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Tuesday, 20 April, 1999, 12:19 GMT 13:19 UK
Winter depression runs in families
Winter scene
Winter can lead to depression in some people
A condition that causes sufferers to find wintertime intolerably miserable and depressing may be caused by a faulty gene, scientists believe.

Seasonal Affective Disorder (SAD) can cause depression, oversleeping, overeating and food cravings for carbohydrates.

It can be treated with light therapy, which involves sitting in front of a bank of lights, or with anti-depressant medication such as Zoloft.

SAD is known to run in families, and is more common in certain countries.

Most of these are at northern latitudes, where there is little daylight in the winter.

Doctors in Sweden say SAD affects up to 20% of Sweden's 8.5 million people to some degree.

However, people living in some far northern countries such as Iceland seem to be less prone to the condition.

Now researchers from the National Institute of Mental Health in Bethesda, Maryland, believe they have discovered a gene that may make people prone to SAD.

The gene is known as 5-HTTLPR, and comes in short and long versions.

The short version lacks some of the components that make up DNA, the material which contains the blueprint for the genes.

Short copies

Potatoes
SAD sufferers crave carbohydrates in winter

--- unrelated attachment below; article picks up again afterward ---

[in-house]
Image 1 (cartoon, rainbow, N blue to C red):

A study of about 90 people who complained of SAD and 75 "controls" without the condition showed that in the controls, about 50% of people have two copies of the long gene, and 50% either have two short copies or a long and a short copy.

Of the SAD patients, three-quarters had at least one short copy of the gene.

The researchers found that people with two short copies of the gene were much more likely to suffer from SAD.

A second study of 200 people taken from the general population around Bethesda showed that about 4% had SAD or SAD symptoms.

Those who had the SAD symptoms were also more likely to have a short version of the gene.

Researcher Dr Leo Sher believes that the short version of the 5-HTTLPR gene affects a person's response to light. This could be modified by anti-depressants.

However, Dr Sher also suspects SAD could also have a purely psychological component.

The symptoms of SAD could simply be a natural and desirable response to winter, he said.

"In nature, animals are generally less functional in winter."

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